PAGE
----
Interventions for daytime wetting
There are several reasons why daytime wetting accidents occur, but it is always important to get a full assessment carried out by a health professional. This will include a routine urine test to check for infection - a strong factor in daytime wetting, especially in girls. Questions should also be asked about wetting incidents, urgency and related stresses. It is worth noting that constipation is often a factor in daytime wetting10. It is important to identify if daytime wetting is functional or if there is likely to be an organic cause such as urethral valves or sphincter incompetence. Functional daytime wetting is almost always urge incontinence due to an unstable bladder and treatment should be focused on those children with frequent daytime wetting12,13.
If there is no evidence of a UTI and there are no other indications, it is usual to suggest bladder training which encompasses encouraging a child to drink through the day - the recommended amount for children aged four to eight-years-old is 1000-1400ml4 (six to eight drinks) - and a regular prompted toilet routine every two to three hours during the day (a vibrating reminder watch can be a useful aid)10. For many children fluid intake may decrease after starting nursery or school, it is therefore important that nurseries and school encourage regular drinking to ensure children have an adequate fluid intake spread through the day. Oxybutynin is an anticholergenic drug available on prescription only and is appropriate for children who appear to have a low functional bladder capacity and or overactive bladder.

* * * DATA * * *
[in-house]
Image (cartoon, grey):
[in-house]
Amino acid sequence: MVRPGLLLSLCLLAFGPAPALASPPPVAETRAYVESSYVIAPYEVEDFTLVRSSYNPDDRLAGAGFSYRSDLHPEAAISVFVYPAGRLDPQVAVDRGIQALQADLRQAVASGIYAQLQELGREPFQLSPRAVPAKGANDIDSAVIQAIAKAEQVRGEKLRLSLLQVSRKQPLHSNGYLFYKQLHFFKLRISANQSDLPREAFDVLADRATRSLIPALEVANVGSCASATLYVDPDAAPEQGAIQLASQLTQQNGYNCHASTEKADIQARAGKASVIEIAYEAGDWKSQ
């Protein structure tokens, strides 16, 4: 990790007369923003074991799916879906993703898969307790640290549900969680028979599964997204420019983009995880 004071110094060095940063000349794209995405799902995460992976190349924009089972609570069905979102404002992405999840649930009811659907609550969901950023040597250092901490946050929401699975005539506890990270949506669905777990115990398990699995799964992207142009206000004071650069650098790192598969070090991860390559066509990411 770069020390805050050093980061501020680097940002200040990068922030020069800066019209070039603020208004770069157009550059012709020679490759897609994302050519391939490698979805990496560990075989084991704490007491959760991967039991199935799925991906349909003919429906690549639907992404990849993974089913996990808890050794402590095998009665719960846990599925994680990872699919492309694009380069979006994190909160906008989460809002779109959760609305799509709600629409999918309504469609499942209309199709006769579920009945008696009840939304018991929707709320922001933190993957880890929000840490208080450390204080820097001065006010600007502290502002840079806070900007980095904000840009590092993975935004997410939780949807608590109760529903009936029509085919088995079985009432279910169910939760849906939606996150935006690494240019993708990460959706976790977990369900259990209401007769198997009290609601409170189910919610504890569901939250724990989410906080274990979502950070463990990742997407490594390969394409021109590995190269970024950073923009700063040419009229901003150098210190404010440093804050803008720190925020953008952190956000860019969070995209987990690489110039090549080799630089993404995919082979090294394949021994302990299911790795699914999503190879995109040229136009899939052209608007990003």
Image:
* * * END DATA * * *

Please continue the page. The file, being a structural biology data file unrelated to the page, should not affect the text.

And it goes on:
Interventions for daytime wetting problems are almost always proposed before interventions for bedwetting are instigated. For some children, resolving a daytime wetting problem will have a positive impact on night time wetting.
The ERIC Helpline is available on 0845 370 8008 or email email@example.com. A range of leaflets and other resources can be downloaded free from the ERIC website www.eric.org.uk. ERIC runs seminars for professionals on bedwetting and daytime wetting; details can be found on the ERIC website.
1. Butler R, Holland P, Devitt H et al. The effectiveness of desmopressin in the treatment of childhood nocturnal enuresis: predicting response using pretreatment variables. British Journal of Urolology 1998; 81 (Suppl 3): 29-36
2. Butler R, Golding J, Northstone K; ALSPAC Study Team. Nocturnal enuresis at 7.5 years old: prevalence and analysis of clinical signs. BJU Int 2005; 96(3): 404-410